'Brit Culture' Test For Video Game Tax Break
UK games developers are to be granted large tax breaks for creating titles that pass a British "culture test".
To become eligible for money back, games will be appraised on several criteria, such as having British characters, a British story and being set in Britain.
Titles will also be rewarded for promoting UK culture and employing British production staff, and can claim back up to 20% of the total costs of production.
The Independent Game Developers' Association (Tiga), which represents the UK video games industry, has campaigned for seven years for the tax breaks.
It says they are worth £188m in extra investment for UK games businesses over the next five years.
The move was first announced in the previous Labour government's final budget in March 2010, but was being blocked by the European Union commission, which spent time deciding whether or not the British industry needed the boost.
Dr Richard Wilson, Tiga's chief executive, said: "This is a superb decision by the EU Commission and magnificent news for the UK video games industry.
"It is also a striking success for Tiga, for its members, and for the wider video games industry that Tiga represents. The tax break will create jobs, boost investment and enable the production of more British video games.
"Tiga built a compelling case which demonstrated that video games are cultural products similar to other audio-visual creations and so merit support and that the UK video game industry is competing on an unlevel playing field because our key global competitors already benefit from tax relief or other forms of government support."
The move could have a major impact on the sorts of games that developers make as companies shift products to take advantage of the tax incentives.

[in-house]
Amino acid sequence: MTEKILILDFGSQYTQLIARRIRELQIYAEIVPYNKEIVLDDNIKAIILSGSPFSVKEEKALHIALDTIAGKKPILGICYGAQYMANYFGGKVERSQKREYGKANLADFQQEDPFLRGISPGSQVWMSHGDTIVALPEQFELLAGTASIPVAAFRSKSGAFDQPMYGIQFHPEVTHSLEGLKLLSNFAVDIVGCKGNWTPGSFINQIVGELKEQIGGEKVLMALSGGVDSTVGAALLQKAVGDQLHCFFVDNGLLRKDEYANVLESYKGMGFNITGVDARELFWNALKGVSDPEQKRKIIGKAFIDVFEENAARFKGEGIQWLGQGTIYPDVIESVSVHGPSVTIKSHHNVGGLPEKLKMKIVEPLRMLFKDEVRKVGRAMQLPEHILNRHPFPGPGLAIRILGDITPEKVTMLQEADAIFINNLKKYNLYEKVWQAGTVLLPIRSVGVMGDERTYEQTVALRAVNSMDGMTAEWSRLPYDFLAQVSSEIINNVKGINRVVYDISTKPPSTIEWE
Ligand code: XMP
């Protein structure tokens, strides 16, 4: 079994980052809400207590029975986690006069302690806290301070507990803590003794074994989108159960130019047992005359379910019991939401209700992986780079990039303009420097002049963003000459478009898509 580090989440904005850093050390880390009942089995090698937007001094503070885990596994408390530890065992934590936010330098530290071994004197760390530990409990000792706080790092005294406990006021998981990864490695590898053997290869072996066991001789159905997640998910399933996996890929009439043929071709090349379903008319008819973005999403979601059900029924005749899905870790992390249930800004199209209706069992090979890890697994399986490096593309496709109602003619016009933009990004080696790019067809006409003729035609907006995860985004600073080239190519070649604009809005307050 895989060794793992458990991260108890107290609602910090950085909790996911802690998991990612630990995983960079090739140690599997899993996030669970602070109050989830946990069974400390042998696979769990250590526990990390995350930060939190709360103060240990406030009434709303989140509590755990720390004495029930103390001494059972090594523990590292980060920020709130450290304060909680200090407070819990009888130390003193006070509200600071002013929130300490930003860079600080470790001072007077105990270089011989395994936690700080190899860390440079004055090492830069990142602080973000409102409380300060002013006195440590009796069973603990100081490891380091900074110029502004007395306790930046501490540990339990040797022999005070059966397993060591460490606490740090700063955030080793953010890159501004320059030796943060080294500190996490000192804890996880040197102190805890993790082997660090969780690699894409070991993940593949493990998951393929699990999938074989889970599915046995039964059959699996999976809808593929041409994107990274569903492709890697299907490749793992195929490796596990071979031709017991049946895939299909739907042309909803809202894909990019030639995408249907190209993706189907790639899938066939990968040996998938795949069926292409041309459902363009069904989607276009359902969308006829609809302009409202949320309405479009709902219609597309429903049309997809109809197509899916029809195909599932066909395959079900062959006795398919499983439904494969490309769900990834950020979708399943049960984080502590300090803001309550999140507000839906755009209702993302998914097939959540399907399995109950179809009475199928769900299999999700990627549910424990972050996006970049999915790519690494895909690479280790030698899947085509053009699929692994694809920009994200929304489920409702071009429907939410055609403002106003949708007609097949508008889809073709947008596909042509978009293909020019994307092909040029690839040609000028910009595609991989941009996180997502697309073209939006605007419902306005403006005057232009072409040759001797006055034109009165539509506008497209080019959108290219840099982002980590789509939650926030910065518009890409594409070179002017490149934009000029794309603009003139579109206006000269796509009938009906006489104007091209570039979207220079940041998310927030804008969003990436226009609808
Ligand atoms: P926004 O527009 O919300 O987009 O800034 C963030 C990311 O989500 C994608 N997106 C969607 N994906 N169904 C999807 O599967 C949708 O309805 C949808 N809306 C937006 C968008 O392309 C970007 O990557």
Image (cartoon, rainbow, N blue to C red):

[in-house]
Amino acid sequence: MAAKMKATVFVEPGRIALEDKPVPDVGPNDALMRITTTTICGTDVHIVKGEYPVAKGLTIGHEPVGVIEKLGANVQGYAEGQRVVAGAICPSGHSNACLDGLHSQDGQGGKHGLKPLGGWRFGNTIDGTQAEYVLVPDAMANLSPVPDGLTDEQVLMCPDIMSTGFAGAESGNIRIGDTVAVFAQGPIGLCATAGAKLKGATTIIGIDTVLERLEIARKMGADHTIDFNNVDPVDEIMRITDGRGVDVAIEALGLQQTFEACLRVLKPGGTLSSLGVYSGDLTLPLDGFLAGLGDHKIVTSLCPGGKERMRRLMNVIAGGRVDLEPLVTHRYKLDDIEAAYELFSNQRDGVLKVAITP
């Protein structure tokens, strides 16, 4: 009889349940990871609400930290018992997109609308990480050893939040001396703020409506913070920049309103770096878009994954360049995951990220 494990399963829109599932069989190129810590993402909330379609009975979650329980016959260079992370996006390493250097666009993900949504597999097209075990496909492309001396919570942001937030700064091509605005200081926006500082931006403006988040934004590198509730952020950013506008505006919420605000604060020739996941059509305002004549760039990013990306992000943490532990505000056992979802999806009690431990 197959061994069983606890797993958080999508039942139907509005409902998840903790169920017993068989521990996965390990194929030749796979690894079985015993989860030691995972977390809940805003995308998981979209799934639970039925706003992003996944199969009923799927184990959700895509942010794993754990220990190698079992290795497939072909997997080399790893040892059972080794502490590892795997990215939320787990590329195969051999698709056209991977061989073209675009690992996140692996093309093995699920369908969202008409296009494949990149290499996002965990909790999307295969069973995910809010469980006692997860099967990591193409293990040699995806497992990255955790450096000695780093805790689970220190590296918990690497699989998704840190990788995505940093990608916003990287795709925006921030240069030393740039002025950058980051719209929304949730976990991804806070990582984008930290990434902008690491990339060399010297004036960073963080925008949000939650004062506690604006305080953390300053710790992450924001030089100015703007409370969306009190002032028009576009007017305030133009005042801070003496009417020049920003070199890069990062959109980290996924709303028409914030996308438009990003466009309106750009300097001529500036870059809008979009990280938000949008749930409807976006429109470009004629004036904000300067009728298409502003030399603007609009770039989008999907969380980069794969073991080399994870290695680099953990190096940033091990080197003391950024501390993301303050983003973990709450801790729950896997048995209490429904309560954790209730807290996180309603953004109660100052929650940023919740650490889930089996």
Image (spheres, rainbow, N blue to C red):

Jason Kingsley OBE is the chief executive of games maker Rebellion, based in Oxford, and said: "We won't be compromising the game just to get tax breaks, but, if it were a choice between creating an American lead character or a Brit, it might swing our decision."
There are other ways to take advantage. For example, Rebellion is currently developing Sniper Elite 3 - a war game set in North Africa during the Second World War.
It will not get any "culture points" for its setting or characters, but it could be considered to be culturally relevant as it is about the war, so Jason and his team are hopeful they will get some money back.
"It doesn't have to be people walking around with bowler hats and driving red buses in London to qualify," he said.
"It's all on a points system - which opens up a lot more possibilities."
It is also hoped that the tax breaks will bring in foreign games makers, who can also get money back through hiring British developers on productions in a similar way to the British film industry. It is estimated that a quarter of British games will be eligible.